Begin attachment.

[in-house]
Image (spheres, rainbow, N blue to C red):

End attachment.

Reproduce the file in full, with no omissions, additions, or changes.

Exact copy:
[in-house]
Image (spheres, rainbow, N blue to C red):